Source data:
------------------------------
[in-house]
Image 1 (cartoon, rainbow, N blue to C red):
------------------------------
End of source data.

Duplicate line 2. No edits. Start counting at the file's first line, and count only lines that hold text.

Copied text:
Image 1 (cartoon, rainbow, N blue to C red):